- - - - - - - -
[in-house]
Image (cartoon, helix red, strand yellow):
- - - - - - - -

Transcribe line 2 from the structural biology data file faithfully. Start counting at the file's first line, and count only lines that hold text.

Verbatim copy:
Image (cartoon, helix red, strand yellow):